This is a Special to the GNH Blog written by Lisa Halliwell, GNH Blogger/ Community Journalist and local dietitian.
Ideally, I would like this post to be a two-second read – don’t eat prepackaged foods! This way, you wouldn’t need to learn how to read nutrition labels. Unfortunately, this isn’t our reality. As much as I would like everyone (including myself) to make all of their foods from scratch, we know that’s not possible in this day and age. Besides the fact that it takes TIME to prepare the staples in our diets, it also requires skill. Over the last few years I have learned to make foods like yogurt, chicken broth, and bread, so I don’t have to rely on their commercially made counterparts. However, there are still foods that I buy premade, and will likely continue to purchase in the foreseeable future. For this reason, we need to understand what nutrition labels are and how to read them.
Nutrition labels are legally required to be on most packaged items in Canada and must appear in a specified format. You won’t find labels on fresh fruits and veggies, raw meat and poultry (unless it’s ground), raw fish and seafood, foods prepared/processed at a store (e.g. bakery items, salads), foods with only a few ingredients (e.g. tea, coffee, spices), and alcoholic beverages. It’s important to understand a few basic concepts about label reading so that you can a) have a good idea of what kinds and quantities of nutrients are found in different products, and b) compare different brands of the same product to make the most informed purchase. Label reading becomes more important when health problems require you to keep tabs on specific nutrients.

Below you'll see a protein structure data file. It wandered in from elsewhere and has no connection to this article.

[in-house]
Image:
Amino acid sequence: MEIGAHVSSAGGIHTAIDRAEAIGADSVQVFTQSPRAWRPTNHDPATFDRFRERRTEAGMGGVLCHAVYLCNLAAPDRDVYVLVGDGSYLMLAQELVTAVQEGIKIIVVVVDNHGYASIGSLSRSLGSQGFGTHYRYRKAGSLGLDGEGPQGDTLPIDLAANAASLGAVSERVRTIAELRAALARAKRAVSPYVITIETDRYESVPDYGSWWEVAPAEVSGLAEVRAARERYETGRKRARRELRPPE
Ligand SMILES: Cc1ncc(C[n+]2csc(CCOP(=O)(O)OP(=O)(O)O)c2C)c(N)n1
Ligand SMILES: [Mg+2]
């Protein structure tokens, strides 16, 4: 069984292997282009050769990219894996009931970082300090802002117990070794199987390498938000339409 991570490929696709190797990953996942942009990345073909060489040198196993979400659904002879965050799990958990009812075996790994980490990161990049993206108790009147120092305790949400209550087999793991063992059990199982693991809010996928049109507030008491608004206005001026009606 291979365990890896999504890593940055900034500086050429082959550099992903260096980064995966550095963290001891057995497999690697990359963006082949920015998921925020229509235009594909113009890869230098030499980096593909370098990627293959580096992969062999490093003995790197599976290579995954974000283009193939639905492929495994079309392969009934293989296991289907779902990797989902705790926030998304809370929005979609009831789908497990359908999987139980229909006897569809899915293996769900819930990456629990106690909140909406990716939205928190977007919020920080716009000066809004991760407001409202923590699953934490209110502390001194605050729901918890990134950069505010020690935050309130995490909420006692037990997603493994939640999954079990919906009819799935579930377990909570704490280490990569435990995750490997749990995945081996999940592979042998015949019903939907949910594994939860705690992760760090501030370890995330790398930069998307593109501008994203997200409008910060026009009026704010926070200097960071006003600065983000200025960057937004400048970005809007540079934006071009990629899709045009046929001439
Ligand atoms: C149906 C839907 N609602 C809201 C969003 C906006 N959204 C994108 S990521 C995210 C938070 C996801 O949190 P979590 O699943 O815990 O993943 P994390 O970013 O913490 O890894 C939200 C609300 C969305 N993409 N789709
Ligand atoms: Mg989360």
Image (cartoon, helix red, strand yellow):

Look at the serving size: The serving size is probably the most important component to check for on a nutrition label. This indicates the volume of food on which the nutrient table is based. Realistically think about how much you will actually eat at one sitting and compare it to the serving size; if the answer is double, then you have to double all of the quantities of the nutrients listed below. Companies don’t have to adhere to a standard serving size, so a loaf of bread can be labeled per 1 slice or 2 slices. Remember that the so-called “junk foods” tend to have smaller serving sizes than are normally consumed, so you will likely have to double or even triple the nutrition information listed to get an accurate idea of what you are eating.
Calories: The first section of the label contains the amount of calories per serving size. People tend to get caught up in the calories because the school of thought is that calories in must equal calories out in order to maintain weight. However, it is not that simple. Calorie counting can help with weight goals, but it is really the quality of the calories that counts. Your body requires essential nutrients that are used for repair, maintenance and growth, and that can only be done if you feed your self with nutrient rich foods. By eating a food of equal calories but devoid of nutrients, you’re doing your body a disservice and likely will not meet or maintain your health goals.